Dismissing allegations of corruption in the contract for 36 Rafale jets, defence minister Nirmala Sitharaman today asserted there can be no comparison between the scam-hit Bofors gun deal and the procurement of the fighter aircraft.
“Do not even compare it (Rafale deal) with Bofors. There is no scam here,” Sitharaman told reporters when asked whether Rafale deal will go the Bofors way.
Sitharaman said she would welcome if the Congress raises the issue of procurement of Rafale jets when the budget session of the Parliament reconvenes from Monday.
“I will welcome it (if Congress raises it),” she said.
The Congress has been ramping up attack on the government over the Rafale issue, claiming that the deal negotiated under its rule was much cheaper then the contract signed by the Modi government to procure 36 Rafale fighter jets from France at a cost of Rs 58,000 crore.
Official sources claimed the original deal to procure 126 fighter jet could not go through during the UPA rule despite reaching the final stage due to an intervention by the then defence minister A K Antony as he felt something wrong in the process.
They said the government selected Rafale for procurement of the 36 fighter jets not because of the price arrived at during the UPA tenure but due to the “overarching” assessment of the jet.
There were allegations that pay-offs were made in procurement of the artillery guns from Swedish arms manufacturer AB Bofors in late 1980s during the then Congress government. The allegations and its subsequent political ramifications had severely crippled the Indian Army’s procurement of artillery guns.
Alleging corruption, the Congress has been asking the government whether the per aircraft price of Rafale, according to international bids opened on December 12, 2012, comes to USD 80.95 million (Rs 526.1 crore) as against the Modi government’s per aircraft negotiated price of USD 241.66 Million (Rs 1,570.8 crore) as per current exchange rates.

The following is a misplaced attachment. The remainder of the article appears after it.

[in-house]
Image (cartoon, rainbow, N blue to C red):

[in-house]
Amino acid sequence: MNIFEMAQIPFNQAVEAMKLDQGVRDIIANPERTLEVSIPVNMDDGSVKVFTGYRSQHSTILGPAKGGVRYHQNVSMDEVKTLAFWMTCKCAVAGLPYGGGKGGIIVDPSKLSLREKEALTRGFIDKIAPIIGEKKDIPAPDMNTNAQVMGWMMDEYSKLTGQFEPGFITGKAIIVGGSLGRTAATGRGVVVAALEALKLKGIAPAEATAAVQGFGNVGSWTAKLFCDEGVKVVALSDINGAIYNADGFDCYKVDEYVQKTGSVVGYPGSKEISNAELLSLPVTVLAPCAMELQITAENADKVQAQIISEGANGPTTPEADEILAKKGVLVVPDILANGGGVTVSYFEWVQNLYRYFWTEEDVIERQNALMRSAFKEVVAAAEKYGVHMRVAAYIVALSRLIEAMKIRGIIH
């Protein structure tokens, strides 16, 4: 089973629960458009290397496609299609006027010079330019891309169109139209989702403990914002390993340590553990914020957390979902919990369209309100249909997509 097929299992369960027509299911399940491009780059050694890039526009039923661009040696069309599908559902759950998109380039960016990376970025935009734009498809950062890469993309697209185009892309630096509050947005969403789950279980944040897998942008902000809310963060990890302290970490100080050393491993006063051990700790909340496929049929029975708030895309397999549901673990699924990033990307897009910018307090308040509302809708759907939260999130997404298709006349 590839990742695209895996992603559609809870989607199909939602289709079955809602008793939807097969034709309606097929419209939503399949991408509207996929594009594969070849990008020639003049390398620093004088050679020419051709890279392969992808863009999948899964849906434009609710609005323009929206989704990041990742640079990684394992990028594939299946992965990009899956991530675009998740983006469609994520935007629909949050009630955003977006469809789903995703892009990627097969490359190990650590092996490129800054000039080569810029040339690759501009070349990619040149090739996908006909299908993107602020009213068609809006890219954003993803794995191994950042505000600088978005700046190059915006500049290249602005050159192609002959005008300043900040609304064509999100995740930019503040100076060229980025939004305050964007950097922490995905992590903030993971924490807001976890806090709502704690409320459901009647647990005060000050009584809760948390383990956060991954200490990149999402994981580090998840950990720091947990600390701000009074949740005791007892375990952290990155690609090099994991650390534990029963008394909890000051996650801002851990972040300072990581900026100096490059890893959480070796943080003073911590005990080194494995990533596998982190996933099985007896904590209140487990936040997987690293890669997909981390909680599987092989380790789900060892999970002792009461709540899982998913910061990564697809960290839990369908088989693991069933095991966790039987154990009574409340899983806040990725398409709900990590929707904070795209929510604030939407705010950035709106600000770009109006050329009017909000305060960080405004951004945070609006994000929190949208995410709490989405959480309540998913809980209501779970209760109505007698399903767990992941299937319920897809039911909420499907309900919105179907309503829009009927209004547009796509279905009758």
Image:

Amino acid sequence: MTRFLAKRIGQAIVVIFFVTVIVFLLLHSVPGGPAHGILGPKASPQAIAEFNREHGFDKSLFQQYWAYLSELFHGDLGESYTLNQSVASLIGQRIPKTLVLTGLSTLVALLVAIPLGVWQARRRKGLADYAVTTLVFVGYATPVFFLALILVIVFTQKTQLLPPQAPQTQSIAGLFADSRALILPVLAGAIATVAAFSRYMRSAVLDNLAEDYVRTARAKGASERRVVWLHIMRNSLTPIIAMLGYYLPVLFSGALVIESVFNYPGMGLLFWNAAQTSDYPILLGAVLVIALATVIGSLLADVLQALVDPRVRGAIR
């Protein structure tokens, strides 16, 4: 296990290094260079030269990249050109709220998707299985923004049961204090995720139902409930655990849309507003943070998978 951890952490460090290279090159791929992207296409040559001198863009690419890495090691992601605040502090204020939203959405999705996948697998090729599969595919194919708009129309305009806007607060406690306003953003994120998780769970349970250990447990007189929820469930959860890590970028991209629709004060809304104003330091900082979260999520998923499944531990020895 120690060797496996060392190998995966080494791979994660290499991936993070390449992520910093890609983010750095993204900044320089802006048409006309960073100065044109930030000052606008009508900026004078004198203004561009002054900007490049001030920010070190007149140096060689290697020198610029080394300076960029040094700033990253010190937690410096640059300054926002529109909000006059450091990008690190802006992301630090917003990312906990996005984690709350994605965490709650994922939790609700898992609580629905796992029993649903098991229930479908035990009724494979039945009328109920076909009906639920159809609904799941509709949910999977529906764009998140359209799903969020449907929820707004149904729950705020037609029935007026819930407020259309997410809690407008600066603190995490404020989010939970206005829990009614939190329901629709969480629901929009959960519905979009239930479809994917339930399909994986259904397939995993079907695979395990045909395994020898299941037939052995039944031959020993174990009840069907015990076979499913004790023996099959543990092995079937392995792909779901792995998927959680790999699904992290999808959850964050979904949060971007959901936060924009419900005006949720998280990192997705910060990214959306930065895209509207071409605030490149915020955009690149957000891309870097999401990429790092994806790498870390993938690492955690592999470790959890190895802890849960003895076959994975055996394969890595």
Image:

The UPA government floated a tender in 2007 for purchase of 126 medium multi-role combat aircraft (MMRCA) for the Air Force and, post negotiations, two of them—Rafale and Eurofighter Typhoon—remained in the reckoning.
However, the deal could not be finalised by the UPA regime.
The Congress had also claimed that Qatar had purchased 12 Rafale fighter jets in November 2017 for USD 108.33 million per aircraft (Rs 694.80 crore), noting that the per aircraft rate at which the Gulf nation is buying the jet is much lower than the rate at which India will procure them.
The government has refused to give details of the price break up of each rafale aircraft, citing confidentiality provisions of a 2008 Indo-France pact.
In a detailed statement, the defence ministry last month had termed as “unfounded” allegations made by the Congress about the Rafale deal, asserting that the demand to disclose details such as its value was “unrealistic” as doing so might compromise India’s national security.
It had said giving an item-wise cost and other information would reveal details about weapons systems and customisation of the jet.
The ministry had said that in 2012, the then defence minister exercised an unprecedented personal veto on the laid down institutional process then underway for the procurement of the 126 jets.